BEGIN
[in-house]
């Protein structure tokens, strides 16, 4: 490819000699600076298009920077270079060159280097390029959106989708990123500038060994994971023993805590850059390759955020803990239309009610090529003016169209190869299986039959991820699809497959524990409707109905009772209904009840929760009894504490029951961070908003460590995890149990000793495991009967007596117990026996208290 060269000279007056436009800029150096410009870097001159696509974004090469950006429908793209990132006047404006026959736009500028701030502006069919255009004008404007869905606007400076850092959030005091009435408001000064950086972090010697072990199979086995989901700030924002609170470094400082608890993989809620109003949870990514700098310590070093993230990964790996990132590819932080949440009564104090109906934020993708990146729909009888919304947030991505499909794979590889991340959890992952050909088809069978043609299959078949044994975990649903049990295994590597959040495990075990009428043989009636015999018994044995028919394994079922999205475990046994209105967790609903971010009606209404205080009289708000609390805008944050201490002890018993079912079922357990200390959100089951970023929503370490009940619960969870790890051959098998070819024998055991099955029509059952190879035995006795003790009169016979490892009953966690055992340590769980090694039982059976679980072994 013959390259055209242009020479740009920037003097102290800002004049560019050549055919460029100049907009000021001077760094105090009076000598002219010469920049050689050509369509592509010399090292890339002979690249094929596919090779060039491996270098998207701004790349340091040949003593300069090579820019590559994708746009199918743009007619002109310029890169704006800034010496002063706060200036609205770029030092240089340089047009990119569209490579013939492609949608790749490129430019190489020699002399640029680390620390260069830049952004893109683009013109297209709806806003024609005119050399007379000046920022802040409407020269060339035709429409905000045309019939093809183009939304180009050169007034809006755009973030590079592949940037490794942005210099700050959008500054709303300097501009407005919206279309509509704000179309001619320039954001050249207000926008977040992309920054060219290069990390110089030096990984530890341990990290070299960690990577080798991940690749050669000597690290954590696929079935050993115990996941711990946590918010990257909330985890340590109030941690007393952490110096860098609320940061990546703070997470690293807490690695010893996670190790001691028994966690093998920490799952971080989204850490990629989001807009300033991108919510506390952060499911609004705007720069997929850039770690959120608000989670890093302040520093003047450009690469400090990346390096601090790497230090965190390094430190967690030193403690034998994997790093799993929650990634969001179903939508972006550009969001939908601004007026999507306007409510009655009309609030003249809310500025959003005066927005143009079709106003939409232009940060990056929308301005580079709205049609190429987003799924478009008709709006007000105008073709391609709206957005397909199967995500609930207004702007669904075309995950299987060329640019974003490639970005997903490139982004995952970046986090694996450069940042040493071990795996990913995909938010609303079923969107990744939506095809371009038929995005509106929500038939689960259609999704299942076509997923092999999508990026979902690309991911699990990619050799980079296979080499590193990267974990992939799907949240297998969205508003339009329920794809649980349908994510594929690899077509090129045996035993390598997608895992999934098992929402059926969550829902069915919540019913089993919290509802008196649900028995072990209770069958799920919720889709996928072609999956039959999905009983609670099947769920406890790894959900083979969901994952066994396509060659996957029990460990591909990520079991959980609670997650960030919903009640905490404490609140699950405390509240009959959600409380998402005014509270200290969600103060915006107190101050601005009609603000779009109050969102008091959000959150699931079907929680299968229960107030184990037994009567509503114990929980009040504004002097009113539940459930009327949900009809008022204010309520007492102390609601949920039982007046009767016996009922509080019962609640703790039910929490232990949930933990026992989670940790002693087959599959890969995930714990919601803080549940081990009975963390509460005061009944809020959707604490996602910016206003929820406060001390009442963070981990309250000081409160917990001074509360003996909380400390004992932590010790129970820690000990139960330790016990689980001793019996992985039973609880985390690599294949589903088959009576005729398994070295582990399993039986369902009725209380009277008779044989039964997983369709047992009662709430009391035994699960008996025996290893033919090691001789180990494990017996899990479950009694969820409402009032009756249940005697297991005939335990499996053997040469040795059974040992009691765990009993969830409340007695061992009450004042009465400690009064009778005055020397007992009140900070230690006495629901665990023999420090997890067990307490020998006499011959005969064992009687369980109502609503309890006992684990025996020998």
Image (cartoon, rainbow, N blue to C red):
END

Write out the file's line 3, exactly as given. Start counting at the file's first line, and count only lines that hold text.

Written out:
Image (cartoon, rainbow, N blue to C red):